Threshold. That’s reportedly the working name of the next major wave of
operating system releases according to a December 2nd article by Mary Jo Foley of ZDnet. The article quotes unnamed sources and discusses Microsoft's intent to develop a "wave" of new operating systems that better span the company’s three major platforms -- Windows for computers, tablets and phones, and gaming devices including the Xbox One.
Foley suggests the 'Threshold' release date is being targeted for the spring of 2015. Microsoft declined to comment on the speculation and our own sources have not yet been able to verify details.
While there do not appear to be plans for the three platforms to converge into one, there are expectations that more common elements will be shared between them. The Threshold name -- derived from a planet mentioned in the huge Xbox hit game Halo -- refers not to one release but to the coordinated release of all three.
There are several Microsoft initiatives underway, according to Foley, to move the three platforms closer, including development of a single app store and of a developer toolset that has more similarities between the three operating systems. Potentially, developer skills that can be reused across platforms, and a single Microsoft commercial outlet for developers’ efforts, could increase the appeal of Microsoft platforms for companies creating .
Merging Phone and RT?
There had been speculation that the company, in its next full release, might try to merge the two operating systems that are based on ARM processors, the RT version of Window and Windows Phone. Some reports have also suggested that the next Windows Phone will be able to support 7-inch to 10-inch tablets, although possibly only ARM-based devices.
Additionally, there is speculation by Microsoft-watchers that the company will integrate or at least make the workflow similar for such common tasks as document creation/management, search-related functionalities, and IT management of devices.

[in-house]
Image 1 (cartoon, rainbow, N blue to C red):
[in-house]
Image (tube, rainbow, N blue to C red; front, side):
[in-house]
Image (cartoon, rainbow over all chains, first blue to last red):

In July, for instance, outgoing CEO Steve Ballmer noted in an e-mail to company employees that Microsoft, going forward, will leverage its strengths across PCs, Xbox, Office, and enterprise-based products like Windows Server and Exchange, with a set of services across “a broader set of devices” instead of its previous emphasis on “packaged software.”
Whatever the actual OS rollout in 18-20 months, Microsoft certainly has reasons to be thinking big. The Windows 8.1 update, released in October, has helped Windows 8 move forward, but the total market share for Windows 8/8.1 is still modest.
According to industry research firm Net Applications, both versions gained only 0.05 percent of market share in November, from 9.25 percent to 9.30 percent. Inside those figures, Windows 8.1 adoption increased slightly while the adoption of Windows 8 declined. By contrast, the older Windows 7 rose from 46.42 percent to 46.64 percent during that period, more than versions 8/8.1 together, while the veteran Windows XP still holds nearly a third of the market. In its first year of release, Windows 7 took 14.5 percent.
Since Windows 8.1 was launched in October, the OS has increased market share only by about .3 percent. Additionally, the Windows Store’s count of new apps dropped from five months of double digits to 3 percent to 5 percent growth in August through October. In other words, the adoption rate of the company’s newest OS, and the related developer interest, remains fairly stagnant.